Not all tribes like golf

  Dear HCN,


It isn't often I see a story so well-written and, at the same time, so accurate as "Tribal Links" (HCN, 6/4/01: Tribal Links). Mr. Selcraig is to be complimented for managing the nearly impossible, colorful, sometimes flip characterizations and turns of phrase that are right on the money! I enjoyed reading that article and will look for his byline in future. My one correction is that the spindly ocotillo at Cochiti are almost certainly cholla.


The story is timely. That in the last generation or so the Native American world of New Mexico has undergone dramatic changes is indisputable. The advent of gaming and golf has divided that tribal world into the haves and the have nots; those who have gone for the buck and those who, in strict observance of culture and traditions, have not. I doubt that everyone sees golf as a good thing, somehow morally superior to the evil but lucrative industry of gaming. Both are highly seductive, extremely wasteful, alien concepts, and both have profound implications for Native American cultures. You ask, "Why are New Mexico's Indian tribes embracing the ultimate white man's game?" You could as well ask, "Why do some tribes choose not to embrace the white man's games?" The missing element in your tale is those who have chosen to remain true to the old ways. To really know why some of New Mexico's Indian tribes are embracing the ultimate white man's game, you need to look at those that are not. The answer is that which makes the world go round.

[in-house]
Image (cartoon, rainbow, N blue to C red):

William Baxter
(Scots ancestry, non-golfer)
Santa Fe, New Mexico


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